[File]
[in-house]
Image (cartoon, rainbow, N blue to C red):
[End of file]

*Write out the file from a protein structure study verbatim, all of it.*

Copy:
[in-house]
Image (cartoon, rainbow, N blue to C red):